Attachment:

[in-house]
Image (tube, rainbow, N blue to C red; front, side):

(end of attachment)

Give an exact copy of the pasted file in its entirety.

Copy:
[in-house]
Image (tube, rainbow, N blue to C red; front, side):